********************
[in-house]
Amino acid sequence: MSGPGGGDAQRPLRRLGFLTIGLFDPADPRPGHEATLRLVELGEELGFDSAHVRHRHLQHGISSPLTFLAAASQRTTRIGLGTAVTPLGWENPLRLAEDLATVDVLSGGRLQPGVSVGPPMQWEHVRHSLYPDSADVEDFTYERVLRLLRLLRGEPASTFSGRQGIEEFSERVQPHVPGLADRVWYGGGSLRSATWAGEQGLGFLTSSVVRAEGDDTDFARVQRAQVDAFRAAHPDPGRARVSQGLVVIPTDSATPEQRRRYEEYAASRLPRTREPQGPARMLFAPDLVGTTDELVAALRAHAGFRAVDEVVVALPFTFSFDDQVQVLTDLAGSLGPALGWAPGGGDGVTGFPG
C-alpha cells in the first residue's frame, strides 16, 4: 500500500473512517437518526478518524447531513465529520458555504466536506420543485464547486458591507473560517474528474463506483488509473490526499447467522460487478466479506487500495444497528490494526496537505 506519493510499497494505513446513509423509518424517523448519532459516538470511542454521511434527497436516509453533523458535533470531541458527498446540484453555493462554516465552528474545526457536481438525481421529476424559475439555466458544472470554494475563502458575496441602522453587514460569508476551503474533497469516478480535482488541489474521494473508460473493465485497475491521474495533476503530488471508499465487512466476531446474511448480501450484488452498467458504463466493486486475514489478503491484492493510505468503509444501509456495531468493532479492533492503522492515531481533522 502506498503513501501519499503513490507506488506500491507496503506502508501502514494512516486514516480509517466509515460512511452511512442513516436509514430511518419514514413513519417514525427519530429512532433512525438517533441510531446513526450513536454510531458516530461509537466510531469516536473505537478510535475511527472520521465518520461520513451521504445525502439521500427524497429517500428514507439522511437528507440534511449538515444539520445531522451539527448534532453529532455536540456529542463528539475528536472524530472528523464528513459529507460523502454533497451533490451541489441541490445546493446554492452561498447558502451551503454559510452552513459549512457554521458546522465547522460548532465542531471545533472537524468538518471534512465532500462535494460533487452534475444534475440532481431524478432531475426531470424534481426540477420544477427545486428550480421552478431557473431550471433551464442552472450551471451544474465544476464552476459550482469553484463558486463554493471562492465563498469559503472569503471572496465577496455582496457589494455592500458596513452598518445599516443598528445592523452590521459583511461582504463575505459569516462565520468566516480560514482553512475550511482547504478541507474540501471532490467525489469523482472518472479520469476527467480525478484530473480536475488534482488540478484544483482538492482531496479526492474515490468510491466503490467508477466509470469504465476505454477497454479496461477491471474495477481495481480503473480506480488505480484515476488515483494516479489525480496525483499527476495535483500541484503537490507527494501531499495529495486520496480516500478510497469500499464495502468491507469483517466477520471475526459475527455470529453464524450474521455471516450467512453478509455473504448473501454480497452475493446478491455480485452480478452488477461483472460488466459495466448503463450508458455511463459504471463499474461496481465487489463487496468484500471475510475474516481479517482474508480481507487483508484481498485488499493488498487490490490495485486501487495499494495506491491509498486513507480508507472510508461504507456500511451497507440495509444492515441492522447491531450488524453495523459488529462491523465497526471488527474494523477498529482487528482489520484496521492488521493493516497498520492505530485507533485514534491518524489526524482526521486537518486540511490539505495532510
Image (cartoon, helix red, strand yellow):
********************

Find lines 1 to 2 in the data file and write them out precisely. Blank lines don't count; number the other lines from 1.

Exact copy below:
[in-house]
Amino acid sequence: MSGPGGGDAQRPLRRLGFLTIGLFDPADPRPGHEATLRLVELGEELGFDSAHVRHRHLQHGISSPLTFLAAASQRTTRIGLGTAVTPLGWENPLRLAEDLATVDVLSGGRLQPGVSVGPPMQWEHVRHSLYPDSADVEDFTYERVLRLLRLLRGEPASTFSGRQGIEEFSERVQPHVPGLADRVWYGGGSLRSATWAGEQGLGFLTSSVVRAEGDDTDFARVQRAQVDAFRAAHPDPGRARVSQGLVVIPTDSATPEQRRRYEEYAASRLPRTREPQGPARMLFAPDLVGTTDELVAALRAHAGFRAVDEVVVALPFTFSFDDQVQVLTDLAGSLGPALGWAPGGGDGVTGFPG